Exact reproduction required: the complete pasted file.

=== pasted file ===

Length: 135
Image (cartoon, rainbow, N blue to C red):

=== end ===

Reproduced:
Length: 135
Image (cartoon, rainbow, N blue to C red):